David Bourget (Western Ontario)
David Chalmers (ANU, NYU)
Rafael De Clercq
Jack Alan Reynolds
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Philosophy and Social Criticism 25 (4):1-22 (1999)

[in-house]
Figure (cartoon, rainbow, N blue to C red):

This paper assesses the claim that an agonistic model of democracy could foster greater accommodation of citizens' social, cultural and ethical differences than mainstream liberal theories. I address arguments in favor of agonistic conceptions of politics by a diverse group of democratic theorists, ranging from republican theorists - Hannah Arendt and Benjamin Barber - to postmodern democrats concerned with questions of identity and difference, such as William Connolly and Bonnie Honig. Neither Arendt's democratic agonism nor Barber's republican-inflected account of strong democracy purports to include citizens' group-based cultural identities, and so cannot further the claim that agonistic politics is more inclusive of cultural and social differences. Postmodern agonistic democrats such as Connolly and Honig rely upon Arendt's account of the relationship between agonism and pluralism, and wrongly assume that her view of politics is compatible with formal respect and recognition for citizens' cultural group identities. While agonistic democracy helpfully directs us to attend to the importance of moral and political disagreement, I argue that the stronger claim that an agonistic model of democracy could more readily include culturally diverse citizens is simply unfounded. By contrast, recent liberal variants of agonistic democracy that conceive of legal and political institutions as tools for recognizing and mediating citizens' moral and cultural differences may suggest ways to deepen our democratic practices in plural societies. Key Words: agonism agonistic democracy Hannah Arendt citizenship cultural minorities pluralism republican theory.
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